Why we shouldn’t hold our breath for ‘Digital Bangladesh’
China unveiled on September 11 a mega-project that will see Beijing fund Bangladesh’s (mostly non-existent) ICT infrastructure. Worth US$10 billion and set to span some 13 years, the project will see fiber-optic cable networks radiate throughout the nation, with organizations as diverse as unions, police stations and rural educational institutions expected to transition parts of their activities online.
Hopes are running high that China’s package will help achieve Dhaka’s “Vision 2021” of a “Digital Bangladesh”, the brainchild of Prime Minister Sheikh Hasina and her adviser on information and communications technology (ICT), Sajeeb Wazed. The plan is that the Internet will underpin progress in areas such as education, health and governance and push the country to middle-income status.
But while the investment sounds great on paper, we shouldn’t hold our breath that this particular announcement will usher in a brave new age. In reality, the money will more likely help China further its regional ambitions than actually bring Internet connectivity into the homes of the almost 100 million Bangladeshis currently lacking access.
That is not to say that Bangladesh is not well positioned to get online more widely and in more effective ways. Only last week, it was noted that the country’s GDP per person is now higher than Pakistan’s, highlighting the country’s massive untapped potential. But the country’s structural problems won’t disappear just by throwing money at officials in Dhaka.
For one thing, Bangladesh has the dubious honor of being behind even war-torn Afghanistan in the World Bank’s Ease of Doing Business Index. Corruption remains endemic. A 2015 report from the American Chamber of Commerce states: “Corruption is common in public procurement, tax and customs collection and regulatory authorities.” This is thought to do everything from shaving percentage points off gross domestic product in real terms to stymying progress by raising construction costs.
Bangladesh is also structurally unprepared for investments in the ICT sector because of a constrictive regulatory environment. Instead of encouraging broadband coverage, which would go a much longer way than Chinese money could, the government is deploying policies that will actually reduce third-generation wireless coverage and throttle plans to introduce 4G.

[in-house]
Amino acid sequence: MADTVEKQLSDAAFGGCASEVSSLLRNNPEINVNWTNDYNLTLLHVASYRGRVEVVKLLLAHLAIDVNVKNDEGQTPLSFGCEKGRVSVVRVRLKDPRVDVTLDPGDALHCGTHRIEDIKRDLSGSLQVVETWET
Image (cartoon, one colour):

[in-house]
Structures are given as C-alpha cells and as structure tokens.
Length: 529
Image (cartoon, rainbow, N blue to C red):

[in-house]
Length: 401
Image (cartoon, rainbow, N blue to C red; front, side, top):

A new proposal would force mobile operators to stop sharing telecom towers among themselves or sell them to a set of specially created companies. Worse, competition is further undermined by the fact that the government seeks to limit the number of licensed tower companies.
So why is China wagering $10 billion if Bangladesh’s economy is truly stultified by corruption and inadequate legislation? The only way the investment makes sense is by taking a look at Bangladesh’s strategic position as a 150,000-square-kilometer enclave surrounded by India’s eastern provinces. With bilateral relations between New Delhi and Beijing fraying, China is wagering that it can bring Bangladesh into its fold with loans, some spit in a palm and a friendly handshake.
China isn’t alone. Because of that strategic position, Tokyo, New Delhi and Washington are also courting Bangladesh.
All have their own agendas: Japan, for example, sees the Bay of Bengal Industrial Growth Belt (BIG-B) as a cornerstone of its economic trajectory in Asia, and has offered Bangladesh all manner of sweeteners, including $5.9 billion in aid and promises to build major infrastructure such as the $1.18 billion coal-fired Matarbari Power Plant.
India too – as a fellow member of the Bangladesh-China-India-Myanmar Economic Corridor (BCIM-EC), a sub-regional economic cooperation initiative – wields significant influence over Bangladesh.
To some extent, India has partnered with Japan to head off Beijing’s advances. The Japan International Cooperation Agency (JICA) is also providing 67 billion yen ($600 million) to fund Phase I of the North East Road Network Connectivity Improvement project, which will see two national highways in Mizoram and Meghalaya improved – linking not only the northeastern states of India with the rest of the country, but also linking India with Bangladesh, a project that complements the Indo-Pacific Economic Corridor and to some extent counters China’s “Silk Road” ambitions in the area.
Squeezed from multiple quarters, Bangladesh is in the tricky position of trying to manage these competing interests in a way that maximizes its own benefits. Unfortunately for Dhaka, this may be impossible. Bangladesh is simply the chessboard other, bigger countries are playing out their international ambitions on.
Nowhere is this clearer than in the story of the ill-fated Sonadia seaport, which has seen Bangladesh flirt with the possibility of Chinese, Japanese and Indian investment in creating a harbor deep enough to handle large container ships.
While Dhaka first went with the package offered by Beijing, Tokyo interceded and offered an even sweeter deal. China lost the contract and Japan pocketed a major diplomatic win – as well as the honor of thumbing its nose at Beijing’s mandarins. Yet despite the man-hours invested in negotiations, and the number of deals brokered and then abandoned, Bangladesh still has no seaport and its economy suffers to the tune of $15,000 per day due to delays caused by traffic congestions at the country’s other two ports.
Not only is the Chinese ICT deal just the latest nudging of a chess piece by one of the major players in the region, we can soon expect a counter move. And so Bangladesh will continue to find itself as it is now: always dizzyingly on the cusp of something transformative happening, but never quite getting there. Or in this case, stuck staring at the egg-timer icon, waiting for the page to load.